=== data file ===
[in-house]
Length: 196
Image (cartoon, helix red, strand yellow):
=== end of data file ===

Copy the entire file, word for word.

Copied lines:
[in-house]
Length: 196
Image (cartoon, helix red, strand yellow):